Especially interesting in this year’s list of M&As is the fact that in a third of the deals the acquiring company was also Israeli. In fact, Israeli companies passed European companies in their number of acquisitions of Israeli startups, completing 26 deals, compared to just 10 by companies from the old continent. In 2019, Israeli companies were responsible for the purchase of just 11 blue-and-white firms, with that number dropping to just seven in 2018. Another notable trend is the growing involvement of Japanese companies in the local tech ecosystem. Israel’s Celeno was acquired by Japan’s Renesas for $315 million just last week, with Japan’s influence also being felt in the funding market with the likes of SoftBank, as well as in the employment market with NTT establishing an R&D center in Israel.

Nevertheless, the vast majority of deals are still being done by US companies, who acquired 40 Israeli startups in 2021 compared to 26 throughout all of 2020. This is often a case of semantics though, with Palo Alto, founded by Israeli Nir Zuk, who has also returned to live in Israel, being counted as an American company. The acquisitions made by Palo Alto in Israel have resulted in its local R&D center mushrooming and employing many hundreds of workers.

The final two months of the year will likely also feature some deals, meaning the $10 billion barrier could well be broken. This sum, a significant part of which doesn’t actually enter Israel but rather goes to foreign investors in Israeli startups, joins the many billions that have flooded the local market thanks to tech over the past year. Since the start of 2021, Israeli companies have raised around $11 billion in 20 Wall Street IPOs, with startups raising more than $20 billion in total over the same period. This means that so far this year Israeli technology companies have generated no less than $40 billion, with private funding rounds creating 28 new unicorns.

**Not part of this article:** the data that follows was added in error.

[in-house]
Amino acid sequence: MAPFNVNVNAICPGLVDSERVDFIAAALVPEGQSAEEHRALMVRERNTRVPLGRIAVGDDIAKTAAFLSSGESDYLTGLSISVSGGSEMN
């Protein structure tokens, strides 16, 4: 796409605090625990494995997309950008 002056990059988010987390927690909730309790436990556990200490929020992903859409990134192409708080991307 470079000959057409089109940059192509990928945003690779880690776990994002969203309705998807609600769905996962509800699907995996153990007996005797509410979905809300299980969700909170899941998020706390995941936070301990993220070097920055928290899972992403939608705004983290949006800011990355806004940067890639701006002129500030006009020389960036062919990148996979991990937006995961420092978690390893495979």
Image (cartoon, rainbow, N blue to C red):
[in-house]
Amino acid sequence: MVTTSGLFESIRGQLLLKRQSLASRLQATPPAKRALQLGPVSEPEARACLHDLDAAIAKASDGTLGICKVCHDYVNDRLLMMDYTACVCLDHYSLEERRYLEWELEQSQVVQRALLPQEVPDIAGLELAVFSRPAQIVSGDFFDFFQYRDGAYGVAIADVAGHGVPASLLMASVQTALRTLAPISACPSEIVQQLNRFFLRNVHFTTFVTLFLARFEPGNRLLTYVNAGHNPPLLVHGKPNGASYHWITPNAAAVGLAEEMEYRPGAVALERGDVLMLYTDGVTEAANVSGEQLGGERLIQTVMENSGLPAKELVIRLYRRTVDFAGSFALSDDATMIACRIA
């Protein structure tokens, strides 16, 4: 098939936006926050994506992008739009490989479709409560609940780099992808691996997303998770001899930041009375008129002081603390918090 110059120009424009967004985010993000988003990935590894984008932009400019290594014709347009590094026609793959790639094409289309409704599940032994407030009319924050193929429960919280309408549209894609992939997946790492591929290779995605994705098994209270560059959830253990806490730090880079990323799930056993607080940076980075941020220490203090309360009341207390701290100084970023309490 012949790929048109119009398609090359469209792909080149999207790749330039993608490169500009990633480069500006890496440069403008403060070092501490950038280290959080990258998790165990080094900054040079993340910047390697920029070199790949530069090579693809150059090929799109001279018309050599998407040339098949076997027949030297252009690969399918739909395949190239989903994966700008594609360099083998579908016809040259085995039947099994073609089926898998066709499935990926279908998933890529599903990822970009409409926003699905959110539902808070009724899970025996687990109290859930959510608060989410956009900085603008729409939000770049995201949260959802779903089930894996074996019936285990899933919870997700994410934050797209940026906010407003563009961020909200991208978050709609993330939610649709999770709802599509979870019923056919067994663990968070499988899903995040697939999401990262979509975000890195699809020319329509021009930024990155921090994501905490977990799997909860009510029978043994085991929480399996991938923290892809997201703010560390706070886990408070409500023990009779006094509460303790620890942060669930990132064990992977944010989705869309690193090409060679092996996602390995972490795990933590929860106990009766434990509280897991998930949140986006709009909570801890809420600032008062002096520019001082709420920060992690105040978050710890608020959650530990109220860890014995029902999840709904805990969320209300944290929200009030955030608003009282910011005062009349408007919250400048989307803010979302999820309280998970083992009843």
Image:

“Every year we prepare an M&A report that also includes IPOs completed abroad, but the figures were so large this year that we had to separate the different fields,” Yaron Weizenbluth, Partner and Head of High-Tech Cluster at PwC Israel, told Calcalist. Weizenbluth believes that the mammoth figure of deals completed and the total sum of those deals isn’t just the result of the lack of deals in 2020, but rather that this is a trend that will continue into 2022 and even 2023. “It is true that the past year has been great for the M&A market, but 2021 isn’t going to be considered a one-off. There is huge money flowing into the market and part of it is reaching Israel.”

“The money entering the country is like a tsunami,” added Weizenbluth. “Even if there will be fewer Israeli IPOs on Wall Street, and that is what we are estimating, there is still enough money from funding rounds like the one completed by Transmit Security ($543 million) or Cato Networks ($200 million) recently for these companies to make acquisitions. Israeli tech is coming full circle.”

Share this Story: Share On Facebook Share On Twitter

Let your voice be heard!

Join the Algemeiner

Algemeiner.com

This site is protected by reCAPTCHA and the Google Privacy Policy and Terms of Service apply.